Republicans in the U.S. Senate have submitted a bill that would allow adoption agencies to refuse to facilitate any adoption that “conflicts with…the provider’s sincerely held religious beliefs or moral convictions.” They don’t really mean that, of course, they just think it should apply to gay people. The bill provides:
“[The government] shall not discriminate or take an adverse action against a child welfare service provider on the basis that the provider has declined or will decline to provide, facilitate, or refer for a child welfare service that conflicts with, or under circumstances that conflict with, the provider’s sincerely held religious beliefs or moral convictions.”
This is a bad idea for many reasons. First, because it privileges religious beliefs over non-religious ones. But more importantly, because it enshrines discrimination. The sponsor of the bill says:
Faith-based providers and individuals helping children should not be prevented from providing welfare services because of their religious faith, according to U.S. Senator Mike Enzi, R-Wyo., and Rep. Mike Kelly, R-Pa. The lawmakers say some people in positions of power are essentially discriminating against people of faith and seeking to force providers out of these services because of the providers’ beliefs…
“This bill is about fairness and inclusion. It is about ensuring that everyone who wants to help provide foster or adoptive care to children is able to have a seat at the table,” said Kelly. “Faith-based organizations have historically played a downright heroic role in caring for our nation’s most vulnerable and needy kids. In so many ways their work is unparalleled. There is no good reason why any of these care providers should be disqualified from working with their government to serve America’s families simply because of their deeply-rooted religious beliefs.”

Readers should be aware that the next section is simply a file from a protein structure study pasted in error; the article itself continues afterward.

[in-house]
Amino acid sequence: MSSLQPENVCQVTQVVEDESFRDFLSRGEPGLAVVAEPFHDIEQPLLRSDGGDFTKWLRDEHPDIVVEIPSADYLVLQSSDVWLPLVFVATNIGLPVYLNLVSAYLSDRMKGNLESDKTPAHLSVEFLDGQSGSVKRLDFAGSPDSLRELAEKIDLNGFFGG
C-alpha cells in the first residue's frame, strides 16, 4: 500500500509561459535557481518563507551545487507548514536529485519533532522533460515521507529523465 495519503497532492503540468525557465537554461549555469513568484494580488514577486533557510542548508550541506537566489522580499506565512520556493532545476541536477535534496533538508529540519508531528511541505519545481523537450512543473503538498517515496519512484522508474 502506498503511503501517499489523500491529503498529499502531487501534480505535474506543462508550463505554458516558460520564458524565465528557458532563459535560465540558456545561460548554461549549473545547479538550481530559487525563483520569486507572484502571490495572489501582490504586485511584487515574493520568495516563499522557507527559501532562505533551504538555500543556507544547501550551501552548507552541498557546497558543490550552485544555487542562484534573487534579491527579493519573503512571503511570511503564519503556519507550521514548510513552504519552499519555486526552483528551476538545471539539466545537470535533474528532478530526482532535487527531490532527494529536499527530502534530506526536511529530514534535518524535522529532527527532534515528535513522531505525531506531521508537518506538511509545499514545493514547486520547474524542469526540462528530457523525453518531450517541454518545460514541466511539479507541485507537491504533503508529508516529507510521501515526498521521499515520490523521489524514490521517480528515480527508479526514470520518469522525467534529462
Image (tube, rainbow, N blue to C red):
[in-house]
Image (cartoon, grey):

And the fact is, they don’t really mean any of this. They have to word the legislation broadly in terms of “deeply held religious beliefs,” but the moment those beliefs were used to justify a form of discrimination they don’t like, they would be the first ones screaming their outrage from the rooftops. Imagine if a Muslim adoption agency decided that their “deeply held religious beliefs” forbid them from facilitating an adoption to Jewish or Christian parents, or that an agency decided they would not facilitate adoptions to interracial couples. It would take about a millisecond for all these cries of “religious freedom” to turn into furious condemnation.
As always, all this talk of religious freedom is just a pretext. They don’t really want religious freedom in general, they want the freedom to continue to treat gay people as second class citizens. That’s all this is.